“Saturday Night Live” is increasingly being urged to apologize and potentially face official investigation for its insensitive sketch that trivialized university presidents’ failure to denounce calls for the genocide of Jews.
Dr. Sara Yael Hirschhorn, a historian at the University of Haifa in Israel, expressed her dismay on Twitter, questioning NBC’s stance on antisemitism in comedy.
Historian criticizes NBC for antisemitism in comedy, calls for FCC investigation
“This is really appalling,” she wrote, “NBC, do you think antisemitism is acceptable as the punchline of a joke about American society?” Hirschhorn also called for the Federal Communications Commission (FCC) to investigate the matter.
The sketch, aired on Saturday, humorously depicted U.S. Representative Elise Stefanik (R-NY) challenging university leaders over their failure to denounce calls for the genocide of Jews on campuses.
Critics slam SNL’s sketch on antisemitism, demand apology and accountability
Business attorney Krista Nicole, in response, criticized SNL’s approach. “After a day of much-deserved backlash, one would think SNL would delete this video and apologize for their antisemitism,” she posted, adding, “What is so funny about Elise Stefanik calling out antisemitism? What a slap in the face to Jews everywhere.”
Lionel, a podcaster, expressed his approval of the public’s reaction to the skit. “I’m overjoyed with what appears to be an avalanche of common sense and radical good taste in calling out obvious bulls–t,” he said, and critically remarked, “SNL has been in the imposter status as a comedy show for decades. It’s time for Lorne Michaels to apologize. And disappear.”
Controversy over SNL sketch on Stefanik’s antisemitism inquiry
The New York Post reportedly contacted “Saturday Night Live” for a statement regarding this issue.
The contentious SNL sketch featured Chloe Troast, a newcomer, portraying Stefanik.
It recreated a scene from a recent House Education Committee hearing, where Stefanik had grilled the presidents of Harvard, the University of Pennsylvania, and MIT.
In the sketch, Troast, imitating Stefanik, aggressively questions the presidents, demanding, “Antisemitism — yay or nay?” and “Is calling for the genocide of Jews against the code of conduct for Harvard?”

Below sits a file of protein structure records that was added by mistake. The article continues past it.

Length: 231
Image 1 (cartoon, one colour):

SNL sketch sparks backlash for mocking antisemitism inquiry
Troast’s character further remarked, “I am here today because hate speech has no place on college campuses. Hate speech belongs in Congress, on Elon Musk’s Twitter, at private dinners with my donors, and in public speeches by my work husband, Donald Trump.”
The sketch was immediately criticized online for its perceived antisemitic tone. Radio host Mark Simone responded, “Only a hate-filled, anti-Semitic SNL could do a sketch about the anti-Semitic college presidents testifying in front of Congress and make the questioner Congresswoman Stefanik the target of the sketch.”
Similarly, Meghan McCain expressed her concern, highlighting the rise in antisemitic hate crimes and criticizing SNL’s insensitivity. “This is vile,” she stated, “Vile.”
SNL incident highlights tension between satire and sensitivity in comedy
This incident with SNL brings to the forefront the delicate balance between satire and sensitivity in comedy, particularly regarding topics as serious as antisemitism.
The backlash reflects a growing public intolerance for humor that trivializes or misrepresents serious societal issues.
With calls for apologies and investigations, the sketch serves as a reminder of the responsibility media platforms bear in shaping public discourse and the need for thoughtful, respectful comedy.